‘What the fuck are you doing?’ The gravelly voice of my dear friend Mary snaps me out of my trance. Why is she back here? This is for important speakers only.

               So, what am I doing here? Says my self-doubting inner monologue.

               Mary’s face brightens up a crack in the previously closed fire door. Her bright emerald eyes stare unblinking at me, exposing how perfectly she always does her makeup. Her fiery ginger hair teased up like something from an eighty’s music video, as always. Of course, she would be here to wish me luck. That is just the kind of friend she is.

               ‘Why have you got your eyes closed, Stewart?’ She asks. ‘You nervous or something?’ If only she knew what an understatement that was. Mary forces her way past me and takes a seat. The rainbow of colours on her floral dress cascades to the floor, hiding the ugly chair. ‘Oh my god, you are nervous. Look at you; you’re white as a ghost.’

               ‘Mary, I can’t do this. I feel like I am going to die. Is this normal?’ I don’t know if the stutter in my voice allowed me to make any sense. Mary’s head tilt indicates that perhaps it did, but I can not be too sure of anything at this moment.

               ‘Oh, so you’re a bit nervous about going out and giving a little speech. This happens to literally every public speaker. You’re not that special, buddy.’ She lets out a cackle that I am afraid can be heard in the auditorium. Her arms extend toward me, causing the chaos of bracelets adorning her arm to clang together. I accept both her hands and feel myself returning to Earth.

               ‘I don’t know why I feel this way. I live and breathe the topic and don’t know any of these people.

               ‘Stewart, my man. I want to ask you something.’ She pauses like she always does before saying something profound. ‘What is the worst thing you think could happen out there?’

               ‘I screw it all up, and they don’t believe a word I say.’ I huff my response at her like a child about to have a tantrum. ‘Or I freeze up and forget my entire speech. Which, of course, means they all laugh at me.’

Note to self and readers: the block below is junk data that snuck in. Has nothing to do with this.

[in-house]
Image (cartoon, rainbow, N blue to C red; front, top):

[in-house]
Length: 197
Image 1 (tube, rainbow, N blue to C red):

‘Worse than that, Stewy boy.’ Her grip around my hands tightens.

               ‘What could be worse than that?’ The inflection in my tone rises sharply.

               ‘Think, Stewart. You walk out there; you give your speech. What is the worst thing that could happen?’ I am unsure where she is going with this, but I am seriously considering a broad spectrum of disastrous scenarios.

               ‘I don’t know.’ I scan her wide-open eyes for a hint of what she is after and yell, ‘I could shit myself on stage.’

               ‘Well, that would be bloody awful, wouldn’t it?’ She says softly as she moves her hands to form a firm grip on my shoulders. Smiling a smile that could melt the world. ‘Get out there, Stewart, and make sure you do anything other than what you just said.’

               An invisible force that I was unaware of releases its hold on me, and I hug dear Mary before Mister iPad returns to let me know it is my time. As I head towards the stage, I turn back to thank Mary, and she has already vanished, no doubt to find her seat.

               As I wrap up my twenty-minute slot, I return backstage. I felt chuffed that I did not shit myself in front of the entire audience. Thank God for that.

October 11, 2023 09:48